If we consider practice and memorization, teachers may possess procedural but not declarative knowledge of those subjects and teach them haphazardly. Consequently, many of their students will practice using superficial repetition strategies that yield automated learning. By comparison, expert performance educators emphasize deep learning methods that empower students to excel on stage, but, even then, not all students will acquire optimal learning habits.
And that leads me to the main existential problem I mentioned: If musicians primarily rely on automated learning – aka “muscle memory” – then they will also depend on automated recall. Yet automated recall is easily corrupted by stress.
As a result, such musicians can only perform satisfactorily if they can get themselves into a sort of groove in which their automated reflexes run smoothly. They may report, for instance, that they play or sing effortlessly in practice but struggle on stage. Needless to say, performing can be adrenaline-charged and stressful, so such musicians can never know whether they’ll be in their groove when they step under the lights.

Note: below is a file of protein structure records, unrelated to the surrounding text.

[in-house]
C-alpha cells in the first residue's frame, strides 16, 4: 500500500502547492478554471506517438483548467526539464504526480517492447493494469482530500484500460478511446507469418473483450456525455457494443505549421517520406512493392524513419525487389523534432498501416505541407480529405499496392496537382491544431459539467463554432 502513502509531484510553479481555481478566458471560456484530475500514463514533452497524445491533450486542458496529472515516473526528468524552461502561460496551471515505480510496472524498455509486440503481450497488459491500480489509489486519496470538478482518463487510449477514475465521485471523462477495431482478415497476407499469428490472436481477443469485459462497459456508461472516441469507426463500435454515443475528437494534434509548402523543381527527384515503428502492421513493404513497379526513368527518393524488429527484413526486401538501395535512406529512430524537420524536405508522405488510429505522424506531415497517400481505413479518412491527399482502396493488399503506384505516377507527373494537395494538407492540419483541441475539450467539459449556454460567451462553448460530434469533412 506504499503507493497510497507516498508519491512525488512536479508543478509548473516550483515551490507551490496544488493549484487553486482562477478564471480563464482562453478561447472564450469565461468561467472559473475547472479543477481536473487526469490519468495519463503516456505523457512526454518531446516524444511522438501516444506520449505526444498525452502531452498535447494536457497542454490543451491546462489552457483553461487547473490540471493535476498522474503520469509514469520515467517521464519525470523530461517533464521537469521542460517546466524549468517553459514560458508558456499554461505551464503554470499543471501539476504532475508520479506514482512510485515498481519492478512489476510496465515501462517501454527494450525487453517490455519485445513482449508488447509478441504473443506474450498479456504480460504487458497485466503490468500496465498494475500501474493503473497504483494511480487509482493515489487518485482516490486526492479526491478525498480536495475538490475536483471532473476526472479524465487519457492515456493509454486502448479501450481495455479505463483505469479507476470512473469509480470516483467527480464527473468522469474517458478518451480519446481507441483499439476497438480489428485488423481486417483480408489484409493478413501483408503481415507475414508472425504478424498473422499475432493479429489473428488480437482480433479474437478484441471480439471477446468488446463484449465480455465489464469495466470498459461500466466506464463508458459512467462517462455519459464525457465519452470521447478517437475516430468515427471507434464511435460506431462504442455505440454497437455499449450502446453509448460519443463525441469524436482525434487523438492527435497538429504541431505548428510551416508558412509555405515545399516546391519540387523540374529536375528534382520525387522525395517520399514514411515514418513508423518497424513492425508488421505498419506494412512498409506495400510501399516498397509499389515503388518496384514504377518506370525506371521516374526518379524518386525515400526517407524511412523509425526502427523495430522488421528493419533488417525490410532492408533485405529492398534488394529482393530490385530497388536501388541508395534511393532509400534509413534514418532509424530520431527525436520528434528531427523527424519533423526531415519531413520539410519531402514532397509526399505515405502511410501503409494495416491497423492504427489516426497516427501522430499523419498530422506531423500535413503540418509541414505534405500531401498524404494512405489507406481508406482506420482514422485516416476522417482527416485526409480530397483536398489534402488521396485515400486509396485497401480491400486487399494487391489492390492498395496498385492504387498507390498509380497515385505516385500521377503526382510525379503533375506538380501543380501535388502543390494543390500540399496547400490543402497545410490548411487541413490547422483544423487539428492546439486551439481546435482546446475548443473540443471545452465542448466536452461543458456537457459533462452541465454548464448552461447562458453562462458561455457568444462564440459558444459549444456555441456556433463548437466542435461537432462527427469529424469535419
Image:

If musicians are expected to perform accurately but cannot know whether they will, then I’d say that anxiety is an appropriate response and they are faced with an existential predicament: Their practice habits actually produce performance anxiety.
EM: How might mental health professionals apply that information?
GK: First, let me say that I don’t mean to oversimplify. We all know that anxiety can stem from myriad causes. But given our space constraints, I’m zeroing in on task mastery because that is one of my specialties as a music educator and performance coach.